The use of steel cased ammunition is hotly debated on web forums. The concept has been around since World War 2, but the controversy is far from over. Originally used to combat brass shortages, steel cases actually have a couple of important advantages. Let’s cover the disadvantages first. Steel cases don’t spring back as well as brass and aren’t effectively reloadable. They require plating with zinc or copper, or else a coating of polymer or lacquer to resist corrosion. Some people feel that even mild steel is harder on the extractors, and that is almost certainly true. However, the alternative to the increased extractor wear with steel cases is the increased likelihood of failure to extract because of a torn brass case rim in certain firearms. All in all, I used to view steel cased ammunition as something to avoid until a friend acquired a .223 FAL rifle. That’s right, an FAL built on an aluminum receiver in .223 — light, handy, able to use AR15 magazines (quite an advantage during the AWB years) but also non-functional. The extraction cycle was so violent that case head separation was routine and completely tied up the gun every few shots. The problem was solved by restricting that carbine to a diet of steel cased military surplus and the problems stopped. The extraction was still quite violent, with cases flung 15-20 feet away from the gun, but the stronger cartridge cases held up just fine.
Gas-operated rifles like AR15 use straight walled cases and extract relatively gently. Most of them will still run with steel cased ammunition, but in marginal cases the extra friction of polymer-coated .30 carbine, .223 or .308 case can be detrimental to the reliability. Rifles chambered for 7.62×39 Russian, 5.45×39 Russian and 6.8SPS don’t have that problem because of much greater case taper. Russian AK rifles and others with massive bolt carriers also have considerable reserves of extraction power to un-peel even a stubborn case from the chamber. The same issue comes up with 45ACP gas-operated BAZ45 — it won’t run with steel cases while blowback operated carbines and pretty much all 45ACP pistols work just fine. The tradeoff is, of course, felt recoil. A blowback 45ACP carbine kicks considerably more than BAZ45 fired with full-power brass cased cartridges. It’s the same with rifles — a 20″ AR15 is actually less likely to work well with steel cases than shorter guns with more rapid cycling, at the cost of more wear and tear on the shorties. Delayed blowback rifles, such as G3 and FAMAS, actually benefit from steel cases because their ejection cycles are fairly violent and hard on the brass. PTR91 is therefore a very economical rifle: not only can you buy 20-round magazines for it for under $2, but it also thrives on inexpensive fodder.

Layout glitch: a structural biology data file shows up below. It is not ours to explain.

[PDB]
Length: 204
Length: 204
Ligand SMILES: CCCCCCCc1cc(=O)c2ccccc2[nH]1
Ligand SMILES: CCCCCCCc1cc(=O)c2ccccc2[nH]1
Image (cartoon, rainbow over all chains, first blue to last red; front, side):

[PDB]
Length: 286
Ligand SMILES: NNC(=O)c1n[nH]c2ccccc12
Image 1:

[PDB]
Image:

During WW2, United States Army used steel cased 45ACP ammunition. It was an austerity measure, but it was discovered that even steel cased cartridges can work quite well when properly loaded, polished and used in accurate firearms. There’s nothing inherent in the case material that would make such ammunition less accurate, other than the tendency for steel to be used in budget lines with less stringent QC. Hornady proved this point with their Steel Match line designed for competition use. By loading accurate ammunition in steel cases with simple bullets bullets, they provide an economical choice for people who do not reload and do not require exceptional terminal performance typical of hunting and defensive loads. And that brings us to the other advantage of steel cases: for the same amount of money, a shooter using steel ammunition in compatible firearms can get 50% more trigger time than the shooter using brass cased ammo. If the price of ammunition is a consideration in your training, this can be significant. Verify that your guns run with steel case cartridges before stocking up, but don’t be surprised if they work just fine.